• Harvey KF, Harvey NL, Michael JM, Parasivam G, Waterhouse N, Alnemri ES, Watters D, Kumar S. Caspase-mediated cleavage of the ubiquitin-proteins ligase Nedd4 during apoptosis. J Biol Chem. 1998;273:13524–13530. [PubMed]
  • Honda H, et al. Cardiovascular anomaly, impaired actin bundling and resistance to Src-induced transformation in mice lacking p130cas. Nat Genet. 1998;19:361–365. [PubMed]
  • Janicke RU, Ng P, Sperengart ML, Porter AG. Caspase-3 is required for α-fodrin cleavage but dispensable for cleavage of other death substrates in apoptosis. J Biol Chem. 1998;273:15540–15545. [PubMed]
  • Kanner SB, Reynolds AB, Wang HC, Vines RR, Parsons JT. The SH2 and SH3 domains of pp60src direct stable association with tyrosine phosphorylated proteins p130 and p110. EMBO J. 1991;10:1689–1698. [PMC free article] [PubMed]
  • Kook, S., Shim, S.R., Kim, J.I., Jung, Y.K., Paik, S.G., and Song, W.K. (2000). Degradation of focal adhesion proteins during nocodazole-induced apoptosis in Rat-1 cells. Cell Biochem. Funct. (in press). [PubMed]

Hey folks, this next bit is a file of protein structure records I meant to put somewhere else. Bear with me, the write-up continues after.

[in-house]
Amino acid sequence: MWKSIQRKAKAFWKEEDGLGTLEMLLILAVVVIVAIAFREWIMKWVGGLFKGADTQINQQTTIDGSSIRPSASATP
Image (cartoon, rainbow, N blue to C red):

• Kothakota S, et al. Caspase-3-generated fragment of gelsolin: effector of morphological change in apoptosis. Science. 1997;278:294–298. [PubMed]
  • Levkau BB, Herren B, Koyama H, Ross R, Raines EW. Caspase-mediated cleavage of focal adhesion kinase pp125FAK and disassembly of focal adhesions in human endothelial cell apoptosis. J Exp Med. 1998;187:579–586. [PMC free article] [PubMed]
  • Martin SJ, O'Brien GA, Nichioka WK, McGahon AJ, Mahboubi A, Saido TC, Green DR. Proteolysis of fodrin (non-erythroid spectrin) during apoptosis. J Biol Chem. 1995;270:6425–6428. [PubMed]
  • Mayer BJ, Hanafusa H. Mutagenic analysis of the v-crk oncogene: requirement for SH2 and SH3 domains and correlation between increased cellular phosphotyrosine and transformation. J Virol. 1990;64:3581–3589. [PMC free article] [PubMed]
  • Miyamoto S, Akiyama S, Yamada KM. Synergistic roles for receptor occupancy and aggregation in integrin transmembrane function. Science. 1995;267:883–885. [PubMed]
  • Nakamoto T, Sakai R, Honda H, Ogawa H, Ueno H, Suzuki T, Aizawa S, Yazaki Y, Hirai H. Direct binding of C-terminal region of p130cas to SH2 and SH3 domains of Src kinase. J Biol Chem. 1996;271:8959–8965. [PubMed]